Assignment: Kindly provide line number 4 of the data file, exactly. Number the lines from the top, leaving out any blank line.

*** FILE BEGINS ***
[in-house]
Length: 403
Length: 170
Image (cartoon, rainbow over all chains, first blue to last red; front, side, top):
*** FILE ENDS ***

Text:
Image (cartoon, rainbow over all chains, first blue to last red; front, side, top):